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Security

Commit a crime, no network time?

A panel discussion at the RSA Conference gets combative as former cybercriminal Kevin Mitnick argues that hackers who have been convicted of computer crimes can sometimes be trusted.

SAN FRANCISCO--Would you have a hacker convicted of a cybercrime watching your corporate network?

A panel discussion on the role of hackers in security tried to answer that question, but the debate on Wednesday turned into a verbal boxing match, reflecting the deep divide between those who believe that convicted cybercriminals shouldn't have a role in security and those who believe that they should.

"How do you explain to your shareholders that you are going to hire someone (to guard your networks) who has been jailed, not once, but multiple times," argued Ira Winkler, chief security strategist for Hewlett-Packard, who contends that hackers bring no special security knowledge and are an unacceptable risk to any company that hires them.

The question was aimed directly at former hacker Kevin Mitnick, who has multiple convictions for computer crimes and who also spoke on the panel at the RSA Security conference here. Mitnick contended that hackers should be hired, but only after close evaluation.

"I think that it depends on the person--what value they bring," he said. "Trust has to be evaluated on a case-by-case basis."

The argument mirrors the security industry's angst about its past. While some security experts learned their craft in the government sector or through school, many of today's consultants and researchers were yesterday's hackers. In many cases, the person may not have done anything illegal, but in other instances, it was a matter of not having been caught, Mitnick said.

"Many people in this industry who are well-respected used to hack--I traded vulnerabilities with some of them," said Mitnick, now a security consultant. Companies still try to hide that fact today, he said. "You have to question people who stand on a high ladder and say that they don't hire hackers, when in reality they do."

Mitnick, arrested in February 1995 for computer crimes, spent nearly five years in prison and another three years under restrictions that limited his use of technology. Now he gives talks on security, has written a book and has started his own security company, Defensive Thinking.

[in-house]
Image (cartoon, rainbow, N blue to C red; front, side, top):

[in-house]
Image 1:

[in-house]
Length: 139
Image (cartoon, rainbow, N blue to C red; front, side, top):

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Many security experts don't believe that hackers have much to offer. The International Information Systems Security Certification Consortium, the group that administers the well-known Certified Information Systems Security Professional credential, doesn't allow its members fraternize with hackers, for example.

Winkler seems to agree. The security expert expressed doubt that anyone who had been convicted of illegal hacking could reform to the point that they could be put in a position of absolute trust, such as in the role of a system administrator.

"The reason that (hackers commit crimes) is because they have already rationalized (criminal acts)," Winkler said. "I heard (Mitnick) call phone 'phreaking' a hobby. It's not a hobby, it's a felony."

Trust versus skills
Christopher Painter, deputy chief for the Computer Crimes and Intellectual Property section at the U.S. Department of Justice and another member of the panel, agreed that hackers convicted of cybercrimes haven't shown responsible behavior and thus should be suspect.

"What hackers have shown is a disrespect for others' rights and property," he said. "What does that mean, especially if I am going to give them the keys to the kingdom?"

Painter, who prosecuted Mitnick's case, stressed that hiring hackers adds a risk to the security equation that companies may not want to take.

Yet hackers, who have learned by doing, frequently have skills and knowledge that others don't have, said Jennifer Granick, the clinical director for Stanford University's Center for Internet and Society and an attorney who has represented those convicted of cybercrimes.

Granick argued that some activities in security require a person to have a hacker's mind set. "There is something about computer security that requires you to think about how to circumvent protections," she said. "You have to anticipate those uses to protect against them."

She stressed that hiring people who have committed a cybercrime is not rewarding the crime. "Hackers think just like other people think when they commit crimes, which is, 'I will not get caught,'" she said.


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Even Winkler admitted to hiring members of the Ghetto Hackers, a so-called ethical hacking group, but he said the group doesn't promote illegal hacking and has real-world credentials.

"I hire people based on r?sum?s, not on criminal records," he said.

While many people admit to being an old-school hacker--that is, someone who simply likes to play around with technology--hackers are now generally thought of as those who break into systems.

Mitnick said that even criminal hackers can change their ways and want to help foster security, not hurt it, in the same way that many drug addicts recover and go on to counsel others.

But the Justice Department's Painter said that Mitnick's analogy missed the mark. "It's asking the drug addict, not to be the counselor, but the pharmacist," he said.